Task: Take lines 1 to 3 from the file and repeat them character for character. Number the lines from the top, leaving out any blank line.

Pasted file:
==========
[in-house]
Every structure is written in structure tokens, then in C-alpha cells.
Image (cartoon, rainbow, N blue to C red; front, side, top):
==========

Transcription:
[in-house]
Every structure is written in structure tokens, then in C-alpha cells.
Image (cartoon, rainbow, N blue to C red; front, side, top):